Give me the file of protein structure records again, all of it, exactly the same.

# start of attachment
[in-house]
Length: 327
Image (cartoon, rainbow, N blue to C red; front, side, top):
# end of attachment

[in-house]
Length: 327
Image (cartoon, rainbow, N blue to C red; front, side, top):